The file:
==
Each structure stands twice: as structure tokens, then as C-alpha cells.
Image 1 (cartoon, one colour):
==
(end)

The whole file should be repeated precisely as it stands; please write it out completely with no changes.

Each structure stands twice: as structure tokens, then as C-alpha cells.
Image 1 (cartoon, one colour):